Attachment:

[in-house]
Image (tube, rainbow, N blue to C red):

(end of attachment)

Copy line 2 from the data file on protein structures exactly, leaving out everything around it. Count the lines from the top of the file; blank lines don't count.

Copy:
Image (tube, rainbow, N blue to C red):